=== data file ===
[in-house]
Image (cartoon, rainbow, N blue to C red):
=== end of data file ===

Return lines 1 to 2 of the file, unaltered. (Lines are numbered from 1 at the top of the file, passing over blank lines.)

[in-house]
Image (cartoon, rainbow, N blue to C red):